Soluble plasma proteins ST2 and CD163 as early biomarkers of nephropathy in Swedish patients with diabetes, 15–34 years of age: a prospective cohort study

Research output: Contribution to journalArticle


The aim of this study was to investigate plasma levels of sST2 and sCD163 to determine whether they at an early stage could predict development of diabetic nephropathy and/or diabetic retinopathy in patients at clinical onset.

Patients diagnosed with diabetes mellitus at age 15–34 years between 1987 and 1988 (n = 220) were included. Data such as BMI, smoking, HbA1c and islet cell antibodies were collected at time of diagnosis. Within the 10 year follow-up period, 112 patients (51%) developed following diabetes related complications; retinopathy (n = 91), nephropathy (n = 12) or both (n = 9). Plasma concentrations of sST2 and sCD163 were measured at time of diagnosis and levels compared between different complication groups.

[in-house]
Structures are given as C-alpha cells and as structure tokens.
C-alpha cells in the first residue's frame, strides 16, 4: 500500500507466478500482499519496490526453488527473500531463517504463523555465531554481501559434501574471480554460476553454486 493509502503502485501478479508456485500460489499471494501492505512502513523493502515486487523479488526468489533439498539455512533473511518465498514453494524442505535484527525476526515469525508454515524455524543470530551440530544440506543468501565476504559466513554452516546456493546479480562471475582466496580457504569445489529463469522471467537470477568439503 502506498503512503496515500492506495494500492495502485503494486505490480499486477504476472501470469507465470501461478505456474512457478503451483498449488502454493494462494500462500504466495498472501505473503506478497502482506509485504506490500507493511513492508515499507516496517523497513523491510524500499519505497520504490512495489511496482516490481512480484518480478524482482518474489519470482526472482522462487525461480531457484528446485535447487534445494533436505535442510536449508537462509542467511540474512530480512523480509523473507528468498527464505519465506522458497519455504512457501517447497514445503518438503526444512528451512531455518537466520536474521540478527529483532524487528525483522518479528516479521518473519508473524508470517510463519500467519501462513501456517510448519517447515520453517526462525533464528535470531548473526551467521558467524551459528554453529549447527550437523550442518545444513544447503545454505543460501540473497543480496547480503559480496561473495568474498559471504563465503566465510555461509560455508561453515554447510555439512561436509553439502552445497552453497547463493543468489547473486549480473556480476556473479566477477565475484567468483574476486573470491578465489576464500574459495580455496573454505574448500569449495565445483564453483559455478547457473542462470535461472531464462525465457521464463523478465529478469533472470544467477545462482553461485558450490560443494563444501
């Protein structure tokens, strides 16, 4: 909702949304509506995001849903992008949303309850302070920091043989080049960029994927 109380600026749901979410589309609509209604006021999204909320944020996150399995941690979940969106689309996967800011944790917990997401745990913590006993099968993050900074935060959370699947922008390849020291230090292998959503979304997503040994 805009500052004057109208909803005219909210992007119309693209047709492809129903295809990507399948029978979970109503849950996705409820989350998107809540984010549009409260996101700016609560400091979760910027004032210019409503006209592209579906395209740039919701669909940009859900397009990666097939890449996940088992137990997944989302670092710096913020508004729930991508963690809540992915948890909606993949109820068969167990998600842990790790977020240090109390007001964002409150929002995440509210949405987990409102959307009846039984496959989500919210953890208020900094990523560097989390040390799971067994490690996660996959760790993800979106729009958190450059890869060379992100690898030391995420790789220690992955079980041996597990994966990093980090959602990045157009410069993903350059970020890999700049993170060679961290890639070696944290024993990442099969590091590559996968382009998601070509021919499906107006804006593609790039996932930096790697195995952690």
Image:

Plasma levels of sST2 were significantly higher in patients who later developed nephropathy (n = 21; 1012 [773–1493] pg/ml) compared to those who did not (n = 199; 723 [449–1084] pg/ml; p = 0.006). A tendency for higher plasma levels of sCD163 was observed but not statistically significant (p = 0.058).

sST2 and sCD163 show promise as potential biomarkers for the development of nephropathy already at clinical onset. sST2 and/or sCD163 could possibly be part of a biomarker panel aimed to find patients at high risk of developing nephropathy. Both markers need to be investigated in a larger prospective study.


External organisations
  • Lund University
  • Uppsala University
  • Skåne University Hospital
Research areas and keywords

Subject classification (UKÄ) – MANDATORY

  • Endocrinology and Diabetes


  • biomarkers, complications, diabetes, nephropathy
Original languageEnglish
Article number41
Pages (from-to)1-6
JournalDiabetology and Metabolic Syndrome
Issue number1
Publication statusPublished - 2017 May 25
Publication categoryResearch

Bibliographic note

Parts of the results of this study were presented at the 75th Scientific Sessions at the American Diabetes Association, June 5-9th, 2015, Boston Massachusetts.